A road on which four members of Rhyl Cycling Club were killed in a collision was not gritted on the morning of the tragedy, an inquest jury has heard.
The four cyclists had just started out on a long Sunday training ride
Thomas Harland, 14, Maurice Broadbent, 61, Dave Horrocks, 55, and Wayne Wilkes, 42, died in January 2006 after a car skidded on ice near Abergele.
Day one of the inquest heard from the father of the youngest victim.
Coroner John Hughes warned the jury the hearing at Abergele would be emotional, but added: "No one is on trial here".
Addressing the jury on Monday, Mr Hughes told them they would hear how the route was not one gritted by Conwy Council on the morning of 8 January, despite frost having been forecast.
Mr Hughes, coroner for North East Wales, also said there had been another accident near the scene on the same morning, and the police had been in touch with the council about conditions on the road.
Two police officers contacted their control room after briefly losing control of their Ford Galaxy that morning, the inquest heard.
Mr Hughes said evidence they would hear would vary from those who thought the condition of the road was "appalling," to those who did not notice any adverse conditions.
He also told the jury they would have to consider whether it was safe for cyclists to be out.
He then warned them: "This is going to be a case of high emotion. You must remain aloof from the emotion."
The four cyclists died on the A547 Rhuddlan Road not far from the start of a 60-mile (97km) Sunday club ride to Llandudno's Great Orme and back.
Motorist Robert Harris, 47, from Abergele, was fined £180 with £35 costs last August and given six points on his licence after admitting having defective tyres.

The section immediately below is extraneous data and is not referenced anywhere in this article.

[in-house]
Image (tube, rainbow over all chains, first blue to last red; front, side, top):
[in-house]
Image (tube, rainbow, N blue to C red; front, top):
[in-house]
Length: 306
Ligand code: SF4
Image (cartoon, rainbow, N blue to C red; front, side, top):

The court heard that the defective tyres were not a factor in the accident.
The coroner said: "Experts say it matters not whether the tyres were bald or brand new. It's a question of ice on the road."
Defective car tyres were not a "contributory factor," a court heard
On the first day of the inquest, the heartbroken father of Thomas Harland, the youngest victim, described how the family had been robbed of an "unforgettable" son and brother.
Jon Harland was cycling with his son and broke a leg in the collision.
He told the inquest: "Thomas was an unforgettable boy.
"Sharon, my wife, and myself couldn't have brought up a better son and brother for Jessica and Sally. He was caring and considerate. He was good academically and athletically.
"Everyone who knew him warmed to him. He was happy right to the end when he was stolen from us."
The coroner has previously criticised delays on the full inquest getting under way.
Before Mr Harland gave evidence, Mr Hughes told him: "I'm far from happy it's taken this long to get the case before court.
"I'm sure it must have prolonged your agony unnecessarily."
The court also heard from Susan Broadbent, whose husband Maurice was killed.
She said her husband was a founder member of the cycling club, adding: "Everything was for safety. He wouldn't have gone out that day if he felt it was dangerous."
The inquest, which continues, is expected to last up to six weeks, and will hear from around 200 witnesses.